By 2015, the Oregon Jewish Museum and Center for Holocaust Education had a problem — the good kind of problem: It couldn’t accommodate the crowds that wanted to get into its exhibits and events. So it commissioned a study to see if it could afford a bigger building. Then director Judy Margles learned that the Museum for Contemporary Craft was closing its downtown Portland doors after 79 years.
“It was just absolutely serendipitous, as we were completing the study in February 2016, this building landed on the market,” Margles said. “We said, ‘This building is perfect for us.’ It had exactly what we needed: a changing exhibition gallery, space for core exhibitions.”
In its former Kearney location, the Oregon Jewish Museum only had room for one rotating exhibit at a time. So while thousands came to see, say, a blockbuster show on Anne Frank, they weren’t able to learn anything about Jewish life in Oregon — and the museum had to go to great lengths to juggle visiting groups of students. Now, the museum has nearly 15,000-square-feet and two floors that includes a 110-seat auditorium for events and screenings, two classrooms, the archives, a café, and a gift shop. The second floor will mostly be taken up by three new core exhibitions focusing on discrimination in Oregon, the Holocaust, and Oregon Jewish life.
And then there’s the main gallery, which previously hosted the craft museum’s touring shows.
“This is a transformative moment for us and this is certainly a transformative gallery,” Margles said.
The vaulted ceilings are two stories high, with enormous windows looking out over the Northwest Park Blocks.
Margles asked the Portland Art Museum’s recently retired chief curator, Bruce Guenther, to curate the first exhibition, and he encouraged them to think ambitiously.
“I proposed that they make a statement with their opening exhibition,” Guenther said, “and throughout the course of the year return to the point where they link the exhibition program to a national and international stage, and that by doing so, they would establish this growing and renewed institution both in a national dialogue and as serving the local community.”
“[Alefbet] is five stunning large tapestries that are grounded in Jewish iconography and Jewish rabbinic text,” said Margles, adding that this is the first time the tapestries, which were shown at 2015’s Venice Biennale, will be displayed in America. “And what I love about this exhibit is that it grounds this institution in Jewish content and it’s a nod to craft. These tapestries are wool and silk, and I think it’s beautiful that our first exhibit is hearkening back to the days that museum of contemporary craft was here.”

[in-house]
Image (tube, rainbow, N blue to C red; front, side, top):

Indeed, there was fear in the arts community that the Pacific Northwest College of Art, which took over the Craft Museum in 2009, would sell the facility to the highest bidder, eliminating one of Portland’s few large downtown arts spaces. Instead, it gave the Oregon Jewish Museum a 45-day exclusive to make an offer, and Margles and the rest of the staff are delighted to join the other galleries in the De Soto building at the heart of Portland’s gallery district, with plans to participate in the First Thursday gallery walks.
“The Oregon Jewish Museum is an amazing organization,” said Mack McFarland, who was the director of exhibitions in the final months of the craft museum and now runs PNCA’s Center for Contemporary Arts and Culture, which absorbed the craft museum’s collection. “They had a pretty good space where they were, but they were doing so many more projects and working more directly with contemporary artist. I think being able to expand will be lovely for that space.”
The Museum of Contemporary Craft itself had moved into the downtown De Soto building with the goal of entering the national dialogue, and while it succeeded in drawing national accolades for its programming, it was hit hard in the recession and never fully recovered. According to Margles, the Oregon Jewish Museum has learned from the craft museum’s difficulties. Thanks to an outpouring of support, they raised $5 million from 30 donors to buy the space, and they’re more than half way towards raising $2.5 million for an endowment to ensure their sustainability.
The museum will open in June and begin taking part in First Thursdays in July. However, the public can get a sneak peek on Jan. 18 at an event called “Places of Remembrance,” about the gradual series of dehumanizing laws in Germany that led to the Holocaust — a topic Margles sees as still relevant today.
“It opens a door for these other conversations, and that’s really our goal today,” she said. “We’re not exclusively focused on anti-Semitism; we’re really focused on racist and hate crimes.”
Indeed, the museum has fielded an uptick in requests, mostly from local schools, for educators and its Holocaust speakers bureau in response to an increase in anti-Semitic language and even Holocaust denial over the last year.
“If you had to distill the message that we’re trying to get to the youth, it’s simply that being a bystander is not okay,” Margles said. “Teaching about the Holocaust, we can give direct examples of how being a bystander led to so much tragedy. So the word is an ‘upstander’: if you see something that’s not okay, you can do something and take action. It’s really about helping kids to find courage in what they’re doing.”